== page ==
Professor Roger Louis’s own expertise is in British imperial history; he edited the three-volume Oxford History of the British Empire. For years past, he has run seminars at the Harry Ransome Humanities Research Center at Austin, Texas, which holds ample stores of British literary and historical manuscripts; he invites leading dons and critics from Great Britain to discuss their current work, and has secured some unusually fine papers. This is his third collection of their essays; it covers many aspects of the history of this country during the 20th century.
Old-fashioned, party-centred, parliamentary history hardly appears. David Butler gives an account of how studies of general elections have developed, and produces the origin of the word psephology: coined by Frank Hardie at Pembroke high table in Oxford for R. B. McCallum, the author of the first of the Nuffield studies that Butler has carried on. Great men do not make much of a showing, either; though Peter Marsh discusses acutely the impact of Joseph Chamberlain’s business career on his political insights, and Kenneth Morgan looks at the young Lloyd George as a pro-Boer, coupling him in that role with the staider Keir Hardie. Shula Marks presents a view of Smuts, dominated by fears of the black man, a long way from the imperial image on which white historians and sculptors have brought most of us up.
The Great War against the Kaiser’s Germany appears only in a deft appraisal by Max Egremont of Siegfried Sassoon; the war against Hitler only in a discussion by Jose Harris of Keith Hancock’s series of civil histories of how it was conducted from Whitehall. The Suez debacle is re-examined by Keith Kyle, turned historian after a spell as a foreign correspondent in Washington at the time it happened – a particularly lively cross-cut between history and personal observation. At the time, for example, Eisenhower was thought to have his foreign policy run for him entirely by John Foster Dulles; now that the Eisenhower papers have become available, it has become clear that he made his own, leaving it to Dulles to correct his syntax if need be. Adam Roberts explores the British input into the charter of the United Nations, and finds a claim by Sir Charles Webster to have made thereby ‘a greater contribution to history’ than he had ever thought he could.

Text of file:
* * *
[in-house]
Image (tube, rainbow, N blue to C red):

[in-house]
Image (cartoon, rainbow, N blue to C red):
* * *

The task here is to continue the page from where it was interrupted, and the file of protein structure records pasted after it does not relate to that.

Two of the very cleverest brains of the century are appraised, Maynard Keynes by Noel Annan and Isaiah Berlin by Larry Siedentop; the brilliance of each is acknowledged, even emphasised, while a faint attempt is made to cut each down to normal human size: Keynes had fits of scatology and a sharp temper, Berlin coruscated so wildly that not all his arguments hold firm. Bernard Porter’s opening piece, ‘Pompous and Circumstantial: Elgar and Empire’, looks at the origins of Elgar’s imperialism, and finds them in his marriage to Alice Roberts, who had been born in India with a father and brothers who were army officers; he believes also that Elgar was an imperialist of the best, non-boasting type, and throws out the suggestion that many of his contemporaries may also simply have had an imperialist veneer.
In ‘When Caliban crossed the Atlantic’ Gerald Moore revisits Sidney Lee’s exposition, as far back as 1907, of Caliban as an Amerindian, and explores several later discussions of the same theme; Shakespeare could be relied on to provide some of the substance of any survey of British life. Roland Oliver goes into the origins of African history as an accepted academic subject in British and American universities, a remarkable piece of insight into how dons develop; while Jeffrey Cox expounds the fate of missionaries in British India, regarded as marginal by the Raj authorities. Many of them decided that Christ’s work could best be done by abjuring the Raj.
In a riveting concluding essay, Ferdinand Mount examines Britain’s recent ‘eruption into tranquillity’, the vanishing of the stiff upper lip and the emergence of a much more tolerant, easy-going, multi-racial, agnostic, open-minded nation. He compares it to the emergence of early 18th- century Britain from the bellicose tumults of the century before, and perceives, in his own lifetime, a notable change for the better from the rigidities of Attlee’s England in which he grew up.
The early 18th century was a great age for the English essay. This collection shows that, as a literary form, it still carries charm as well as conviction; though as Louis explains in his introduction, the lecture form and the published essay do not always precisely coincide. He explains also what the Harry Ransome Center is, and how the talks came to be delivered. He prints at the back of the book a 40-page list of them all, dating from 1975 to the present year: a solid backing to the understanding of the recent British past.